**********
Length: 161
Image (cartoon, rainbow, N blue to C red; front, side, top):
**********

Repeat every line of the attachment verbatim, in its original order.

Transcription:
Length: 161
Image (cartoon, rainbow, N blue to C red; front, side, top):